Are You Doing These 5 Things Your Customers Hate?

Hate

When we reach a level of consistency in our sales or conversions, we tend to think we’ve got our customers all figured out. But what if we’re still not getting the whole picture?

It takes time to get to know customers well, and if our audience is constantly evolving, there’s always something new to learn. One of the main reasons why customers are so hard to gauge is that they often won’t tell you when you’re bugging them – they’ll just stop listening. And that’s the last thing we want.

Check you’re not doing any of these five things that customers generally hate. If you are, it might explain why you’re seeing consistency – not growth.

1. Confusing communication with marketing

Customers don’t want to be sold to every moment of their lives…despite what businesses might think. A study by Harvard Business Review involving 7000 customers revealed that only 22% want to have a relationship with a brand. The other 77% said they prefer to save relationships for friends and family, whilst brands are there to provide a service.

For the average person, weekly or even monthly emails can be too much. Watch also the nature of the content you’re putting out through social media. How much of it is product or marketing-oriented? Facebook is now clamping down on businesses that use their pages primarily for selling by making changes to the news feed. It may be wise to read up on these to see how it could affect your strategy.

Why not start up a real conversation with your customers instead? Social media, comments, blog posts and forums are all great ways to gain insight into what they really want. Use email as a way to get your customers’ opinions on new product releases, or get an idea of what problems they’d really like solving.

2. Neglecting the bigger picture

How does your product fit into the ‘grand scheme of things’? How does it help to improve the welfare of society; does it serve a greater purpose other than making sales for the company?

Customers are now becoming more conscious about the sort of enterprises they choose to give their money to, and these will likely be some of the questions they’ll be asking. People want products that are not only good, but also do good…for the world around them. Brands like eBay, LUSH, the Co-Operative Group, Ford and Accenture etc have remained popular and grown their market share, partly because of the way they do business and the ethics they uphold.

Shared values are now one of the biggest influences when customers are deciding who to give their money to, so have a think about your brand’s motives; morals; practices, and the consequences of each of these. You also might want to consider how well you are communicating these to your customer.

3. Failing to see past the products

Customers don’t like it when brands can’t see past their own products. With the rise of social media and content marketing, brands now need to work harder to maintain their customers’ attention, and going on about your own services won’t cut it.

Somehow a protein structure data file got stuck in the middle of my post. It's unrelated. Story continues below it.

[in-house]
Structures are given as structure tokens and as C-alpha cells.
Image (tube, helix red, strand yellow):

In order to remain a consistent presence in your customers’ peripheral awareness, you should be providing an underlying service other than the one you’re marketing. Whether its help, advice, entertainment, life tips, insight, you name it…giving that ‘little bit extra’ though social networks and blogging platforms is the key to getting more followers (and, more importantly, keeping them).

A LoudDoor study in 2014 discovered that the brands that did this well had the most loyal social followings, including Tide, Reese’s Candy and Costco. It also helps to establish your brand personality in the eyes of the public, as Innocent and Cadbury have shown.

4. A lack of expert knowledge

Your frontline staff needs to be trained to a high standard on the ins and outs of your products, otherwise they won’t be much use to customers when they inevitably experience a problem. Equipping your phone lines with a base level collective knowledge is not going to cut it – the chances are the customer will have already tried the simple troubleshooting protocol outlined in the manual and will require more help.

If you can’t supply the knowledge or guidance your customers need – particularly in a crisis- they’ll be pushed to go elsewhere, like peer sites, external blogs and forums. It takes traffic and authority away from your brand’s site and, perhaps more worryingly, deter the customer from ever buying from you again.

Experienced product knowledge is key.

5. Fudging the facts

Are you being straight with your customers, or do you prefer to leave them in the dark? A 2014 Cohn and Wolfe study revealed that honesty is what customers value most when dealing with brands, and forgoing this can only mean disaster further down the line.

Whether it’s your marketing claims, or in the way you conduct you business, dishonesty is one of the fastest ways to damage consumers’ trust in you and risk losing them forever. At best, you’ll receive a negative review about a product not performing to expectations.

At worst, you’ll suffer major public outing that’s likely to take a great deal longer to recover from.

 

 

Author Bio
Adele HalsallAdele is a writer and researcher for Customer Service Guru, specializing in consumer advice, retail trends and brand culture.
 She is a regular contributor for a number of B2B websites and enjoys participating in ongoing debates related to marketing, social media and brand strategy. She is particularly passionate about content marketing and the power it can bring for companies. Follow her @gurucustomers.

 

 

 

Photo Credit: Sean MacEntee via Compfight cc

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